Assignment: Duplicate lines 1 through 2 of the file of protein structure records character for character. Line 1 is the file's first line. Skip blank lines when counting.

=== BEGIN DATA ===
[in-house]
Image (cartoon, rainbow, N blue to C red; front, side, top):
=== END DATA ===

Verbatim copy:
[in-house]
Image (cartoon, rainbow, N blue to C red; front, side, top):